Friday, June 3, 2016

The hunt for high-energy photons on a mountaintop in Mexico

HAWC, from Smithsonian.

The goal of the High-Altitude Water Cherenkov (HAWC) observatory is to find the highest-energy phenomena in the cosmos; including exotic stars, supermassive black holes, and annihilating dark matter.

Completed in March 2015, the observatory just recently released its first year of data — a map of the sky revealing about 40 super-bright sources, many from within our Milky Way galaxy. “These are not run-of-the-mill stars,” said physicist Brenda Dingus of Los Alamos National Laboratory, spokesperson for HAWC. (Full Story)

Space technology can help sustain Earth

Agricultural corn yields mapped by Descartes Labs. From Descartes.

Descartes Labs, a startup spun off from Los Alamos National Laboratory, is using the influx of data from Planet Labs and other Earth imagery providers to predict corn crop yields faster and more accurately than previously possible by the USDA at a resolution of 1/500th of an acre. San Francisco startup Space Know is synthesizing thousands of images from these imagery companies to provide an objective means of assessing the health of manufacturing in China’s economy. (Full Story)

RNA simulations boost understanding of retroviral diseases

RNA folded into a tetraloop, LANL image.

New molecular dynamics research into how RNA folds into hairpin-shaped structures called tetraloops could provide important insights into new treatments for retroviral diseases.

"Ribonucleic acid, known as RNA, forms the genome of multiple viruses that afflict humans, including Ebola, HIV and Zika, which are active areas of research at Los Alamos," said Jacob Miner, a Los Alamos National Laboratory graduate student in the Center for Nonlinear Studies. (Full Story)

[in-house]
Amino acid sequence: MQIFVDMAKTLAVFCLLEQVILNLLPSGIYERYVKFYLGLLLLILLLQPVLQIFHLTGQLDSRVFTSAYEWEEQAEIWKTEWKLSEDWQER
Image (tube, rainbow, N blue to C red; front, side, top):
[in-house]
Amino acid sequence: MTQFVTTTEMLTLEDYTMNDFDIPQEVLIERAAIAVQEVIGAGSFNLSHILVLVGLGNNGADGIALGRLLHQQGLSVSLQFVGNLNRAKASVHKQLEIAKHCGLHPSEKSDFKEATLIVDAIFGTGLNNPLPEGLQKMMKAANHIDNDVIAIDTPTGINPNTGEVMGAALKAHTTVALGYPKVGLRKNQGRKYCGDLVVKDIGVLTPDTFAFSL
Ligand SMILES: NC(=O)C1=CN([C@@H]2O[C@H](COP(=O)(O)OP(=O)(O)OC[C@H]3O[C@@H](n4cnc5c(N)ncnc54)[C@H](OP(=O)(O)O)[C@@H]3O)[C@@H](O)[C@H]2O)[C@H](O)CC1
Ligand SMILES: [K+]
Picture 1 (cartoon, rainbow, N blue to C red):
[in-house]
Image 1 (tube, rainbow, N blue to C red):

Unsafe material moved to LANL

“The threats of this material getting in the wrong hands are really the key safety risk from our perspective,” New Mexico Environment Secretary Ryan Flynn said. “While it was secure at the facility, there is no comparison to the security you have up here in Los Alamos. It’s not even close. There was not a threat posed to human health by the material where it was located, but that material in the wrong hands could be a significant danger to the public.” (Full Story)

Blu-Ray optical archives scale up, manned by robots

Blu-Ray cold storage devices. From DCF.

The initial foray into Blu-Ray was an experiment to help Facebook manage a flood of incoming data, with users now uploading more than 900 million photos every day. 

“LANL has evaluated the specifications of Sony’s Everspan optical storage library and are expecting to see significantly reduced recall times when dealing with extremely large files for analysis,” said Brett Hollander, LANL’s High Performance Computing Archive Lead. (Full Story)

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